*Design *Boxes *Combinator *Formatting *Geometry *Reuse
*Selections *Paths *Concurrency *Exception *Interaction *Utility
*Resource *Drawing *Incremental *Customize *Various

Box Structure

The API cross references give an immediate access to relevant interfaces and classes.

* Box Structure

We make no distinction between composite objects and leaves. The glyph concept is a key one as it acts as the fundation of the composite structure. A node of the whole-part hierarchie knows about its parent and children. On the other hand leaves require a specific attention.

Here is our position on safety and transparency in composite.


* Atoms

Atoms are the leaves of the box structure. They do not have children and provide the basics of formatting and drawing tasks. As an application may use many of them, their storage cost is really sensitive. The naive design (unshared atom) is well suited for unusual terminals. When you think in term of key-word then you should use instead the DecoratedSharedAtom.

Here are some implementation issues relative to text drawing in java relevant to the design of atoms.


For common use, the shared atom is the only way to deal with big structure. To do that, each objet shares as much as possible of its state. The extrinsic part (origin, parent, ...) can't be share, but the intrinsic part (text and size) is stored in a flyweight. A flyweight registry maintain a list of all shared flyweight. We use reference counting to remove unused objects. When formatting a shared atom, first we ask the registry for the given value (string or character code) in the given font before allocating a new one.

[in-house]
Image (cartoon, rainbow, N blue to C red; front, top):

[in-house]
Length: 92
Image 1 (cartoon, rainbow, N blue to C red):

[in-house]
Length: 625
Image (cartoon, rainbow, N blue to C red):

* Updates

The box structure updates are made through the visit of a modification path. The path building visitor is used during the building stage. The mark stable/mark unstable operation allows the synchronization of the formatting and building threads. The path modification visitor is used during the interactive updates. This visitor computes the damaged area from removed or replaced boxes. The boxes are also tagged for incremental formatting.

The available Operations are :
  • inserting a new child
  • removing a child
  • replacing a child with a new glyph
  • marking a glyph as stable (i.e. ready for format)
  • marking a glyph as unstable (i.e.e not ready for format)

* Glyph

A glyph is an abstract notion representing all objects that we manage in a document. They know how to draw themselves, how much space they need, their relationship with their parent and children, how to interact with the user and how to manage exceptional situation.

Also a glyph knows how to manage its origin, its size, its format status its modification tag. As the size is a computed value, a glyph could manage a dependent (i.e. an object that needs to be notified when the size changes) and provides access to the current size value, to the accurate value (eager value) or lazy value (accurate value if there is no previous old value).


The main point is to maintain the components as small as possible since each attached information could have a major impact on derived classes. Heavy used concrete classes likes atoms share extrinsic information like size and datas.

* API Cross References

*Design *Boxes *Combinator *Formatting *Geometry *Reuse
*Selections *Paths *Concurrency *Exception *Interaction *Utility
*Resource *Drawing *Incremental *Customize *Various

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Copyright ©1998 INRIA
Last updated 5 October 1998 by Bruno Conductier